Robots are already being used to help contain the spread of the coronavirus, but researchers at Carnegie Mellon University (CMU) believe they could do much more and perform more dangerous jobs in combating the COVID-19 pandemic with appropriate funding and development.
Robots could perform tasks such as disinfecting surfaces, taking the temperatures of people in public areas, providing social support for quarantined patients, collecting nasal and throat samples for testing and enabling people to virtually attend conferences and exhibitions. Robots could also help reduce human exposure to pathogens, which will become even more important as epidemics escalate.
Researchers noted that in previous pandemic outbreaks, funding for research was too expensive and rare and without a sustainable approach to research, history will repeat itself in the future and robots right now are not ready for the next, potentially more dangerous incident.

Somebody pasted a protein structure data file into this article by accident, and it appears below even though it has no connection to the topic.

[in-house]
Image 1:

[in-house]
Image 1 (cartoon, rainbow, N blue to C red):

As such, the idea is to create ways in which robots might be used in a pandemic and demonstrate that continued research and funding are needed to prepare robots for such future events, according to Howie Choset, a professor at CMU's Robotics Institute.
Researchers believe that a combination of robotics and artificial intelligence (AI) could help perform research to address humanitarian aid and disaster response, leading to breakthroughs in combating epidemics and pandemics using drones, human-robot interaction, automated monitoring of social media, edge computing and ad hoc computer networks.
The full research can be found in the journal Science Robotics.